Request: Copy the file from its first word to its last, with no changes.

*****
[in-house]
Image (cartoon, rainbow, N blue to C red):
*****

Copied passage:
[in-house]
Image (cartoon, rainbow, N blue to C red):